Above you see Hazelknits Artisan Sock in Euphorbia and Shady Verdant, both stunners that are fitting the Project Spectrum Earth bill as well as my desire to knit something in every shade of green imaginable.
Thursday, April 10, 2008
I am nothing if not a bandwagon knitter. That Ravelry 'friend activity' button gets perhaps the most use of all the fun features, next of course to the 'Needlework on the Net' forum, which is just basically one giant train wreck after another ("Magknits is gone! Conspiracy Theory at 11!"). Yes, I am constantly in junior high lunchroom mode looking to see what everyone else is doing, and then doubting my own projects, and casting on for whatever my pals are working on. It's sad, but it's working for me, as it's brought me to the newest craze sweeping the knitting nation: the cowl!
Pattern: The Dolores Park Cowl
Yarn: Malabrigo Worsted in Indigo, one skein, two strands held together.
Needles: Size 13 (that's what I'm talkin' about...)
Cast on and finished in less than one day. I am doing my best to give La Frick a run for her money!
I believe spring time is the perfect time of year to be sporting such a garment. The mornings are chilly and I must say that I have totally internalized the whole old world fear of having one's neck get cold in a 'courant d'air' or draft. So this baby is just perfect for me. And having Malabrigo around one's neck is just a little slice of heaven for this knitter! And the almost 13 year old wearing the (s)cowl agrees...
The above pictures were taken in a special little sweet shop called La Cure Gourmande in Aigues-Mortes, in the South of France. We were able to visit the salt planes where most of the sea salt is harvested in France and see the Camargue region, perched between Languedoc-Roussillon and Provence, a place that is known for its wild horses and herons. You can imagine that this store was complete sensory overload as it unabashedly yellow and orange and featured giant bins of every type of artisanal biscuit and cookie as well as chocolate covered olives (!?). Hard to believe that it was less than a week ago. *sigh*
Sunday, April 06, 2008
1. The new REM album came out. Wowza!
2. La Frick organized a killer* fundraiser for Ravelry. Go participate now, because hey, it's Julie Frick, y'all, and she has the best ideas.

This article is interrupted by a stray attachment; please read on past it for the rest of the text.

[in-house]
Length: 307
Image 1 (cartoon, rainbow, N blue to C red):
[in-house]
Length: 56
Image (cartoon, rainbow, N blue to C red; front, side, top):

3. The Y-Knit podcast #4 episode was released, and in-flight somewhere over Newfoundland I heard my new favorite word: Ravtard. It describes us all.
4. I won the Flint Knits Monkey naming contest on a technicality. FYI: when entering a naming contest, go for vaginal synonyms and you'll probably win. To wit: Snatch!
5. Jenny i.e. the Woully Boully sent me some of her rad* sock yarn (color: Something Blue), all because I guessed her ring size a while back. She even remembered that I was a Koigu fan and used a special Koigu-like base yarn and wound it into two skeins. What a doll...but Jenny, your yarn blows doors* off of Koigu!
6. Nora sent me a scarf (see above). It is stupendous as per her norm...how can I be this lucky?
7. I inexplicably received the above button in the mail from MyMy.us. Thanks!
I have lots o' pics to show from France, but I will leave you with two very emblematic sets of images. Above you see a series of posters that were splashed all over the college campus in Montpellier that I was visiting. Students in France are incredibly politicized, many belong to unions and participate in the political process regarding policies that effect them in a way that they most certainly do not in our country. You know, because text messaging and Facebook are really demanding and take up a lot of time...And below, you have some hilarious retro signs from a café in Le Grau du Roi, a seaside town that is sort of like a French version of Ocean City, MD. except not as honky-tonkish. They remind me of that dancing candy and popcorn cartoon that used to play in movie theaters to advertise the snack bar. Next up: trans-Atlantic knitting content!
*80s speak, because I am desperately clinging to my adolescence